Back to South Australia Contents Page

Back to previous installation (Wondergraph)

Forward to next installation (Macclesfield)

 

Glenelg Theatre (a.k.a. Seaview Theatre), Glenelg

This seaside theatre, which is usually referred to by its later name as the Seaview, housed two photoplayers in its time.

The first, installed when the theatre on Colley Terrace opened on 23 August, 1917 [Dylan Walker, "Adelaide's Silent Nights", Canberra, p.68], was a two-rank Fotoplayer (specification) which had previously been installed in the Wondergraph Theatre, Adelaide [Bill Binding, conversation with writer, September, 1975]. However, according to a contemporary press account, the Fotoplayer had been specially imported by the Pianola Company at a cost of 1000:

[The Register, 1 September, 1917, p. 9]

The player was Fred Floyd. The organ, which has already been described, was transferred in 1926 to the Strand Theatre, Glenelg.

The second instrument came from Victoria. It was a Style 50 Fotoplayer which had originally been installed in the De Luxe Theatre, Melbourne, and subsequently had briefly sojourned in a number of Hoyt's suburban Melbourne theatres before being sold to the Glenelg Theatre for 600 [Dylan Walker, "Adelaide's Silent Nights", Canberra, p.68]. It was installed by Bill Binding of Dodd & Sons, and he recalled its large size and that it was not in the best of order when it arrived. Bill also recalled that its overhaul was carried out by Jack Woods and Bill Voit, while Cliff Davies renovated the piano section [Bill Binding, conversation with writer, September, 1975].

Specification of the Style 50 Fotoplayer

A former projectionist from the theatre recalls the organ and its egregious Maestro, the late Lawrie Starr:

["Eminent Person", SA TOSA News, TOSA (SA), Adelaide, November, 1987, p. 5]

The Glenelg Theatre ceased full-time film shows in 1929 ["Eminent Person", SA TOSA News, TOSA (SA), Adelaide, November, 1987, p. 5 Note: The date given for the Glenelg Theatre's closure is 1939, but this is clearly a misprint, as the article refers to this being "only a few months after the City theatres [had installed sound]"] ,continuing with reduced screenings until 1931, when it closed altogther.  It was remodelled inside and out and reopened on 24 August, 1936[Colin Flint, The Seaview with a Sea View, "Kino Cinema Quartely", Wahroonga, Winter 2000, No. 72, p.31]. In time it was renamed the Seaview Theatre, a reference to its location facing the sea across a park area.  The Fotoplayer remained in the Seaview, but there is no record of it having been played during film shows. After years of disuse, it was purchased (around the time the theatre finally showed its last film in 1959) by the late Alf Broadbent, of Macclesfield, S.A., who installed it at his property.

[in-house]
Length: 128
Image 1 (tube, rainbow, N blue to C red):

The Seaview Theatre finally closed on 26 September, 1959, the building being used for the next nearly forty years as a bowling alley. The latter closed on 18 January, 1999, and the decrepit building stood unused until it was demolished in October, 1999. 

[The Seaview in April, 1998]

 

 

Back to South Australia Contents Page

Back to previous installation (Wondergraph)

Forward to next installation (Macclesfield)

This page brought to you by:
VintageHammond.Com - We Buy-Sell-Trade Vintage Hammond Organs and Roll or Kari Organ/Vending Machine Moving Dollies Order Roll or Kari Dollies Here